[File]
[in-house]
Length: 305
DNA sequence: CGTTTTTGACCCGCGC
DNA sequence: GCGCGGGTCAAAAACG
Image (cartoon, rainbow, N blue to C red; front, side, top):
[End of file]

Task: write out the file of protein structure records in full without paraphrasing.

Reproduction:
[in-house]
Length: 305
DNA sequence: CGTTTTTGACCCGCGC
DNA sequence: GCGCGGGTCAAAAACG
Image (cartoon, rainbow, N blue to C red; front, side, top):